How can walking barefoot affect your health?

Walking barefoot - the added value for your health

Robin Hofbauer
04/09/2021 | 3 minute (s) reading time

According to an analysis of the statutory health insurance aid and medicine market, around 8.9% of all women and 5.8% of all men in Germany were already prescribed shoe insoles in 2014. Presumably, this trend shows an upward trend, which is why these numbers are likely to be a little higher today. The number of unreported cases of those who, from a medical point of view, would need an insert due to their anatomical and biomechanical conditions, but have not yet addressed their problems to a doctor, should reinforce this trend. Looks like shoes are a serious problem. But is that really true? Sports science has a different opinion: the problem is more the feet in the shoes, the shoes have merely accelerated the negative development. Because of their lifestyle, many people have regressed foot muscles, which at some point inevitably go hand in hand with anatomical and biomechanical deficits. Shoes ensure that these deficits are not so noticeable or that they do not affect us so much because they support the weak muscles. And when it gets too bad, you go to the doctor and get shoe insoles to make up for the deficits.

The problem is deeper ...

Splayfoot, flat foot, flat arch or archesus - the list of possible foot deformities is long. What they all have in common is the fact that due to a lack of stability due to the receding muscles in the foot itself, the longitudinal and transverse arches eventually give way and the typical load and force distribution is no longer normal when stepping on. This can result in a wide variety of irritations, injuries and signs of wear and tear, all of which are accompanied by inflammation and pain. We then usually resort to increased padding in the shoes, which only causes the muscles to recede and thus exacerbate the existing problems. A vicious circle arises in which the problems can creep upwards from below due to imbalances. Ankle, knee, hip or back problems can also be caused by poorly developed foot muscles or be negatively influenced by them.

Train your feet!

In order to tackle the problem at the root, the regressed foot muscles must be slowly rebuilt. You have various options to choose from. Physiotherapeutic exercises such as the “short foot to Janda”, active shoe insoles or simple barefoot walking - there are many ways to strengthen the deep muscles of the foot.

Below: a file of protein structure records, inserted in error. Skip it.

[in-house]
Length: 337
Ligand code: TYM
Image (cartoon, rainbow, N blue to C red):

In good weather conditions and the right surface, barefoot running in particular is a possibility that you can do regardless of time and place, that costs nothing and has many other positive effects. In this way, you can combine a mindfulness exercise with walking barefoot across a meadow and concentrate specifically on what you can sensually “feel” through your feet. This has a relaxing effect and also trains the immune system. If you regularly run barefoot, you train your foot muscles and do something good for your health.

Do not rush!

Building good foot muscles takes a lot of time and cannot be achieved over a few weeks. Ideally, you should use every opportunity to run barefoot and combine your training with strengthening foot exercises and active insoles, if your attending doctor deems this necessary. If you approach the training too intensely from the start, you risk over-stimulating the foot structures with symptoms of pain and inflammation. They are no longer used to such stresses after the long closed season and therefore need time to adapt to the new circumstances.

What are you waiting for? On the next sunny spring day, try walking barefoot for yourself and let yourself be surprised how pleasant the newly gained foot space feels!

tip

For adolescents in particular, walking barefoot is very important for healthy foot development. Parents should be careful to walk their own children barefoot as often as possible when circumstances permit.

The exercises in the video train your foot muscles and are a good basis for walking barefoot:

Robin Hofbauer

I am a sports scientist and also a trainer for the areas of fitness training, back training, Nordic walking and aqua aerobics. I do a healthy mix of many different sports, but my favorite is weight training. My motto: "Invent yourself. And then reinvent yourself."